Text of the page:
The influential Suteba teachers union has been slapped with a 659-million-peso fine (equivalent to US$23 million) by the Labour Ministry of Buenos Aires province for breaching a compulsory conciliation order at the tail end of last year.
The fine comes with tensions already strained between the union and the provincial government, with the two sides no closer to a deal over wage adjustments in the wake of rising inflation.
Suteba, or the Unified Union of Education Workers of Buenos Aires, has some 66,000 members in the the most populated province of the country. On Monday and Tuesday, union workers walked out of schools across the province for a 48-hour strike – a measure echoed in six other provinces across the country.
A statement from the union, which is led by Roberto Baradel, denounced the fine as persecution, saying it was an attempt by Governor María Eugenia Vidal's administration to punish the union for standing up for workers' rights.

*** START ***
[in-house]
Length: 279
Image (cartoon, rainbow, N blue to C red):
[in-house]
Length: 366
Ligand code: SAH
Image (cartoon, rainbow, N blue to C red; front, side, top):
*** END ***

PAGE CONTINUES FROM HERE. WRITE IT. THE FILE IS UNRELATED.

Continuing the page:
The Labour Ministry said the union was being punished for undertaking protest action during negotiations over wage adjustments at the end of last year. Officials said Suteba would pay the fine, whether it was their own decision or the courts.
"The fine is 659.7 million pesos and if they do not pay, we will appeal to the courts," provincial Labour Minister Marcelo Villegas told the TN news channel.
He said Governor Vidal was planning to use the money brought in from the fine to improve kindergartens in Buenos Aires province.
"It's a squeeze, an extortion," Baradel responded. "This is what dictatorships or authoritarian governments do: remove personalities, apply millions in fines or intervene in unions, the objective is to dismantle workers' demands."